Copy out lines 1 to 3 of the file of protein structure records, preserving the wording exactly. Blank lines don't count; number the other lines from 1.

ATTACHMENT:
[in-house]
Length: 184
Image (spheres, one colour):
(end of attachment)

[in-house]
Length: 184
Image (spheres, one colour):